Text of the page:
Schuldschein banks must keep quality up as money floods in
Foreign investors flocking to the Schuldschein market are drawing in issuers and forcing margins lower. As demand from overseas drives the swelling supply, Silas Brown asks: will the market be able to preserve its traditional strengths as it accommodates new investors?
The variety of investors in the Schuldschein market is shifting.Sparkassen, the German public savings banks, previously dominated demand, using the product to invest in the traditional Schuldschein borrowers from Germany’s industrial base.
But they are becoming less prominent as the Schuldschein gains fame overseas. These investors’ share of the market, according to Helaba, fell to 39% last year.
Commercial banks, both international and domestic, are increasing their involvement, investing roughly €9bn in the market in 2016 — most of which went to international issuers and investment grade German firms.
When Porsche, the German luxury car maker, printed a €1.1bn Schuldschein in February 2016, some 45% of the paper went to international banks — a different complexion from Porsche’s previous Schuldschein transaction in 2011, almost all of which was bought by German investors.
But the rise of the international banks is not the full story of the Schuldschein investor. The number and variety of lenders in the Schuldschein market is much larger than those in other private debt markets, reflecting the allure of the product.
Agencies, co-operative banks and institutional investors all contributed to the record €26bn volume in 2016, up from €21bn in 2015.
The product’s format accommodates the tastes of a rich mix of lenders. Investors are offered a range of tenors, from three to 10 years typically, in fixed or floating rates, and sometimes with an array of currencies.
Issuers, moreover, accept ticket sizes as small as €500,000, which allows smaller investors into the market — perhaps the only opportunity for these investors to lend to investment grade companies.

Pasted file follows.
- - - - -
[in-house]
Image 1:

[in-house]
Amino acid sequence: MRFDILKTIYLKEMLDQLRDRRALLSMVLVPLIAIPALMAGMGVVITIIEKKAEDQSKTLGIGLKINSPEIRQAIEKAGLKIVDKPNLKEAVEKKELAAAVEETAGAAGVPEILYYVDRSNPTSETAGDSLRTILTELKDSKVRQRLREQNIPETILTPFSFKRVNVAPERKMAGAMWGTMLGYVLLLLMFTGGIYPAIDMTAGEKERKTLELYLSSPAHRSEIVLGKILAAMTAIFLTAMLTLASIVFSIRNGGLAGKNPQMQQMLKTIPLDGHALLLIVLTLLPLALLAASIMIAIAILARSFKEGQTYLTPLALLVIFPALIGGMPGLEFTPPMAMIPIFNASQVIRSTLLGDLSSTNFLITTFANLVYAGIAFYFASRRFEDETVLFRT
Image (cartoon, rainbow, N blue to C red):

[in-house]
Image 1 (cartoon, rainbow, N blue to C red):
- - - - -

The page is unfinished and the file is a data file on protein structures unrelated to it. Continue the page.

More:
Institutional investors, seeking to match their liabilities, dominate the longer tranches. Commercial, co-operative, and savings banks control the shorter end.
“Banks and institutional investors do not ‘cannibalise’ each other, as banks are limited on tenor,” says Helaba’s head of primary markets, Andreas Petrie, in Frankfurt.
Declines in European loan market volumes mean international banks are taking more of an interest in the Schuldschein product.
“The benefit a bank might have investing in Schuldscheine, as opposed to term loans, is it can pick and choose from a range of credits, sectors and a range of maturities,” says ING’s head of Schuldschein, Klaus Pahle, in Frankfurt “Also, the bank might feel comfortable investing alongside others with a smaller ticket.”
The credit they deserve
The Schuldschein product has bred a buy-and-hold investor community, proud of its rigorous credit analysis, and distant from the regular concerns of the public bond market.
“Schuldschein actors are paying less attention to Greece’s debt situation, but more to whether Lufthansa is a quality credit,” says Petrie by way of example.
Deals are not listed on a stock exchange, and a secondary market barely exists, so credit analysis takes precedence over geopolitics.
“Schuldschein spreads are more predictable than bond prices,” says Petrie. “Bond market spreads are affected by geopolitical events like Brexit — the Schuldschein is dislocated from that.”
The focus on an issuer’s credit quality traditionally meant investors favoured stable, known credits. But growing levels of unusual foreign issuance have increased concerns that overseas investors are not applying the same analytical rigour to prospective borrowers.